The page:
by Elizabeth Turnbull
On Friday the King County Equity Now and Decriminalize Seattle coalitions demanded that the funds from Mayor Durkan’s commitment to channel $100 million dollars of the city’s 2021 budget to BIPOC communities, go through a participatory budget process to ensure BIPOC communities control where this money goes. Continue reading King County Equity Now and Decriminalize Seattle Coalitions Direct New Demand to Durkan
by Chetanya Robinson
In an effort to speed up the construction of housing for people experiencing homelessness during the COVID-19 pandemic, the City of Seattle is investing in 599 new permanent supportive housing units. Continue reading City to Invest in 599 New Housing Units for Those Experiencing Chronic Homelessness
by Carolyn Bick
Seven days after Aisling Cooney filed a public records request with the Seattle Police Department (SPD) to get her own arrest records and associated materials from her arrest at the Capitol Hill protest on July 25, the records department succinctly informed her in an email that these records wouldn’t be available to her until late February 2021.
Cooney isn’t alone. At the advice of lawyers with Smith Law, at least four others who have also filed for their arrest records — as well as associated documents, recordings, and more — as part of several civil lawsuits they hope to bring against SPD have received similar messages: the SPD’s Legal Unit is “operating under an extreme backlog of requests, staffing shortages, the redeployment of supporting units to SPD’s frontline COVID-19 response, and, pursuant to CDC recommendations and City direction, reassignment to remote access.”
Continue reading Some Detained Protestors Must Wait at Least Six Months for Own Arrest Records, Hampering Legal Efforts
by Paul Faruq Kiefer
(This article originally appeared on The C Is for Crank and has been reprinted under an agreement.)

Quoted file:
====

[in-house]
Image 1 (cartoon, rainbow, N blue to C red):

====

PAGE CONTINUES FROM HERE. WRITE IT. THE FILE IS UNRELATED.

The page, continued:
Vanessa Caver learned of her brother’s killing several days after Seattle police officers shot Terry J. Caver near an intersection in Lower Queen Anne on May 19th. Her daughter called her unexpectedly to pass along the news. A few more days passed before she got a call from a sergeant from the Seattle Police Department called her to ask if she wanted to talk about her brother’s death. “I didn’t know what to talk about,” she explained when we spoke this week. “And the sergeant couldn’t tell me anything.” Continue reading Terry J. Caver, The Black Man Killed By SPD Officers In May, As Remembered By His Family
“I have been paid less than a white female colleague, in a job where I was tasked with even more work. I had to learn to advocate for myself and address the issue with my supervisors head-on. Self-advocacy has become a mechanism of survival for so many Black women in the workforce, because American companies, nonprofits, and institutions systematically undervalue our work.”‘
by Hamdi Mohamed
(This article was originally published on The Fold and has been reprinted with permission)
America. The land of opportunity, the land where dreams come true—just not for so many who look like me.
According to statistics from Equal Pay Today, 80 percent of Black women are the sole or main breadwinner in their households. And yet, they are paid only $0.61 for every $1 a white non-Hispanic man is paid. Continue reading OPINION: How to Take Action on Black Women’s Equal Pay Day
by Carolyn Bick
Though his office unveiled a $40 million fund for undocumented workers earlier this week, Washington State Gov. Jay Inslee said in a press conference on Aug. 13 that the one-time payment fund won’t be available for undocumented workers until the autumn. He also said that the state has made available another $3 million in CARES Act funding for certain food production workers who have to quarantine themselves, due to infection from the novel coronavirus.
Continue reading Relief Fund for Undocumented Workers to Go Live in Autumn, Inslee Says